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The Jarndu Yawuru women's center (jarndu means woman in Djugun and Yawuru) was created in the late 1980's by a group of local women from the town of Broome in Western Australia. It was coordinated for twenty-five years by the late Theresa Barker, an indigenous woman from the region (Djugun, language of Broome and Yawuru, language south of the town, by her mother, Irene Drummond, and Jabirr Jabirr by her father, Joe Torres) who initiated the Jarndu Yawuru oral history project to map and record stories from the country with 15 elders, law-women and law-men, some of whom are in this film whose main story teller is Theresa's daughter, Pat Torres.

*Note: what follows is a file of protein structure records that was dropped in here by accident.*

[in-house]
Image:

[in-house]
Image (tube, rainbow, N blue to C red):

After Theresa Barker's death, now coordinated by Pat Torres, writer, artist, linguist and bush food promoter, with the mayiharvestproducts (see recent films on​), the center changed it's name to become the Mary Minyarl centre, in hommage to Theresa's great grandmother. The center provided many cultural activities : a library of family, ethnographic and historical archives, language lessons in Yawuru, silk screening, accountancy and computer courses, child care and second hand clothes.

The Black and white archives used in the film (Doris Edgar and husband Tommy Edgar, Joe Bernard, Matthew Gilbert and others singing together) were filmed in 1987-89 by Wayne Barker Jowandi (Theresa's son), film maker and musician, working to promote Kimberley culture at KALACC).

The Broome protest camp against the Crocodile farm and the interview with Cissy Djiagween and her daughter Mary Tarran was filmed in October 1992 by Barbara Glowczewski, anthropologist from France (CNRS).

Video: co-production: Jarndu Yawuru Center, Gunada Production, Virtuel BazAar 1995


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